Dark Days in Ghana
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Kwame Nkrumah, foremost exponent of African unity and socialism, never saw Ghana in isolation from the rest of Africa or from the world revolutionary struggle.
In Dark Days in Ghana, he exposed the true nature of the military-police dictatorship that was established after the overthrow of Ghana’s Constitutional Government on 24th February 1966, setting the event in the context of the wider continental and world situation.
Dark Days in Ghana demolishes the “big lie” that Ghana had needed to be rescued from “economic chaos”. Nkrumah recounts the systematic sell-out of Ghana’s assets to neo-colonialist interests by the military-police junta, and the subsequent reduction of Ghana from democratic statehood to the humiliating position of neo-colony.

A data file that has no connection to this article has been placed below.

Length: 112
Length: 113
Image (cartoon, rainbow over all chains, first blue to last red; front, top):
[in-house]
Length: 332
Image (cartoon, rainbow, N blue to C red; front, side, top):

Since this book was first published, Ghana has had several governments − military and civilian. None have succeeded in restoring Ghana to the position it occupied in Africa and the world during Nkrumah’s stewardship.
This and other works of Nkrumah demonstrate the accuracy of Nkrumah’s political and philosophical vision, and the clarity of his understanding of the problems and possibilities for all those resisting oppression and exploitation throughout the world, and for the continuing development of continental African unity.
Kwame Nkrumah was a Ghanaian politician and revolutionary. He was the first prime minister and president of Ghana, having led it to independence from Britain in 1957. An influential advocate of Pan-Africanism, Nkrumah was a founding member of the Organization of African Unity and winner of the Lenin Peace Prize in 1962.